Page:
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The person coughing is Beth Emhoff (Gwyneth Paltrow), the wife of Mitch Emhoff (Matt Damon).
Fifteen minutes into the film, Mitch loses both his wife and his son to a deadly epidemic that eventually sweeps across country. His only surviving family member is his teenage daughter, Jory (Anna Jacoby-Heron in her screen debut).
The film is the second thriller Soderbergh has made about the role of government when faced with a global catastrophe. The first was the psychologically and emotionally devastating Traffic, for which he won an Academy Award for Best Director in 2000.
But while Traffic had rich, complex characters, Soderbergh’s new film fails to establish personalities viewers care deeply for. A relationship between the head of the Centers for Disease Control (Laurence Fishburne) and his infected colleague (Kate Winslet) is well-acted, but not nearly as poignant as it could have been.
A sub-plot involving a blogger (Jude Law) who insists the drug companies and the government are involved in a vast conspiracy has almost no substance, and the relationship between Mitch and his daughter — which should be the most moving part of the film — is severely underdeveloped.
These problems could have been avoided had Soderbergh and his writer Scott Z. Burns (The Bourne Ultimatum) been more interested in character-development and less interested in cutesy, clever lines.
The film’s multi-stranded plot certainly had promise, but Soderbergh failed to follow through on the depth of the concept. Unlike the two-and-a-half hour Traffic, which used the theme of global catastrophe to probe deep questions about modern society, the one-and-a-half hour Contagion feels like nothing more than a formal, money-making exercise at times. This has been a trend in Soderbergh’s career since his hit 2001 heist movie Ocean’s Eleven.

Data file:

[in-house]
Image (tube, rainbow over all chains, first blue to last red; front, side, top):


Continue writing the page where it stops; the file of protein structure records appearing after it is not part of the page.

Oddly enough, however, this lack of ambition is also a blessing in disguise for the film. Although it certainly isn’t as good as it could have been, at least the film isn’t the bloated, incoherent mess most big-budget Hollywood disaster movies are (think John Cusack’s 2012).
In fact, viewed simply as a thriller, Contagion is relatively well-made. It moves at a lively pace, and gives the impression of knowing what it’s talking about when it comes to the science behind the epidemic. But it could have been so much more.
Less than a year ago, Soderbergh held a press conference stating he would retire in 2013. Since then he said he’s changed his mind. But if he’s intent on wasting his incredible talent on slightly above-average thrillers, why not just call it quits?
What’s most frustrating about Soderbergh during the past decade is that his films are never horrible, only relentlessly mediocre. They give the impression of being almost there. He takes fascinating concepts and gives them stylish, yet half-hearted treatment.
Contagion is more of the same. It isn’t a bad film. It’s another competent, stylish thriller fans will enjoy. But the film deals with lofty themes and, therefore, had greater potential than any Ocean’s heist movie. Had Soderbergh decided to take his job seriously, it might have been a masterpiece.
By Mike Presberg